I’m thinking it is all good practice for teaching, which entails loads of preparation time, and is something I’ll have to learn to manage. Learning now.

And applications for high schools. Open days and nights. We squeezed in a few visits, but didn’t go to them all. My 11 year old is writing her resume for her applications. It’s crazy. The local public school is fine, and it bothers me that it is presented as a fallback position: apply to your preferences, but if you fail you’ll get the local public school as a consolation. Not really promoting public schools. People seem to think their local public school only has students who aren’t good enough to get into somewhere better. Not a great attitude and not true. People have their own reasons to consider when choosing schools, and, as a wise principal said, you need to consider what your family values, in term of a range of issues, when you choose a school. Every parent of a Year 6 son I’ve spoken to has said they need their son to attend a co-ed school. They seem to think all boys schools are roughhouses and the smaller, smarter boys will be mowed down. I’m not so sure. I’m told the co-ed schools are pretty boy heavy, so don’t really have gender balance. And lots of attitudes to various schools based on nothing more than gossip. Does my head in.

I really want my oldest girl to attend a different school from the younger two, so they have their own space and aren’t in her shadow. I’m saving the local public school for the younger two. So she’s applying to two others. But if they are all at the local public, then that would be fine too. Really, being close by is the main consideration for me - I don’t want them spending a lot of time each day on travel. And I know that the closer the school is, the more likely I am to attend any events. (The circle I move in is more like a dot!) I’m starting to base my hopes for high schools of where they go for the overseas trip. In one school the dance group goes to New York. Seems to be as good a reason to apply to a school as any other.

Second semester will be easier. Won’t it?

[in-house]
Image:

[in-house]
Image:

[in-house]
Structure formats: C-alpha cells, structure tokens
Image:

Sunday, March 04, 2012

The F-Word Feminist Day at the Opera House

Very happy to report that the discussion covered women in global contexts, rather than concentrating on white western women (my previous complaint about these events.)

Here’s what everyone said, in a nutshell.

Germaine Greer

Prefers Women’s Liberation Movement to the word Feminism.

Suggests we join the Country Women’s Association.

Suggests we join a green group. Was it Women of the Earth? I’ll check.

We need to move on from considering abortion as a badge of feminist honour and start talking about the rights of the foetus and the very real violence that abortion is. Move on to talking about responsibility for contraception.

Talked about the word ‘fuck’. As a word that damages. The fucker and the fuckee. That the one who fucks without permission is the one who is damaged, not the one who is fucked.

Identifying as feminist is enough for her, even if you disagree with said feminists’ politics.

Talked about personal relationships. Self confidence. Not trying to please men. Encouraged women to be difficult.

Was funny.

Naomi Wolf

She’s just written a book called Vagina.

Shes interested in how the ideas of the Enlightenment are merging with feminism for women in the Middle East and Muslim women.

She’s interested in democracy as a process, so if you identify as feminist, that’s good enough for her - she takes you at face value that you believe you are helping women - then you can have a discussion.

She’d rather we start by celebrating the successes of feminism instead of starting with its failures.